One evening in 1971, Norm Eckinger Sr. was at the dinner table with his wife and five young children. The oldest, Norm Jr., was all of 10 years old and distinctly remembers his father telling them that he was going to start his own business so they were all going to have to tighten their belts for awhile. Norm Jr.’s only comment was, “You’re doing what?!?”
Almost 50 years later, Norm Eckinger Jr. sits in the chair where his father once sat as the head of Norman Eckinger, Inc. It’s been a long, happy road. Norm Sr. was a hard-working carpenter who first worked for his own father and brother Walt Jr. It was a good living, but limiting for a guy with seven mouths to feed, so Norm Sr. struck out on his own and hired two carpenters. He had two business advantages: craftsman-level skills and a belief that if you treated people right, they’d do the same to you.
Norm Jr. loved carpentry as well, and started helping his father after school and most Saturdays. By the time he graduated high school, he was a valuable employee. Then a near-tragedy changed everything. At the relatively young age of 48 Norm Sr. had a heart attack. Suddenly, at age 26, Norm Jr. found himself running a small business with no guidance except the business lessons he’d absorbed working side-by-side with his father. His father’s recovery took 6 months, but Norm Jr. kept things going until Norm Sr. could return to work.
In 1992, Norm Sr. asked him to buy in as a full 50/50 partner. Norm Jr. remembers being somewhat hesitant about becoming a partner because he was enjoying life and didn’t look forward to paying off the new office and shop building his father was getting ready to build. Norm Jr. knew that if something happened to his father, the investment would be on his shoulders to pay off. On the other hand, he worried that if they waited too long, his father would not have as much time to enjoy what he’d built before he retired. Together they took the plunge and never looked back.
One of the company’s biggest steps forward came in 1998 when they pursued, and won, appointment as exclusive area agent for Butler Buildings, America’s premier steel building supplier. Norm Sr. had the foresight to see how this affiliation would change their business. It gave them needed selling knowledge, as well as good, well-designed products to sell. They became part of an exclusive group of only 1,200 builders nationwide. Most important, it supplemented their building design knowledge, giving them the ability to sell a design/build package to end users rather than simply bidding on someone else’s designs. Butler Buildings helped them provide even more value to their customers while being fairly compensated for their design and construction work. Norm Jr. used this new-found capability to build a commercial building company strong enough to last through business downturns. Key was the loyalty Norman Eckinger, Inc. built with key customers, many now building multiple buildings with the firm.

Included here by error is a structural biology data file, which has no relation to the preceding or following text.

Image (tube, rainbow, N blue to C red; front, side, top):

Today, Norm Jr. sits at the head of one of Stark County’s most successful commercial building firms. His office is still located where his father and he first built, although everything has been modernized and expanded. Looking back he sees four major reasons for the company’s success: (1) Their design/build capabilities. (2) Customer and employee loyalty. (3) An inherited belief in treating people the way you’d want to be treated. (4) A reputation for getting things done when promised.
Now there’s a third Norm Eckinger working at the company, the son of Norm Jr. who now finds himself passing along more than a company capable of handling commercial building projects from “Smart to Finish.” Norm Jr. is now the conduit of hard-earned business wisdom passed from one Norm Eckinger to another Norm Eckinger and, soon, another.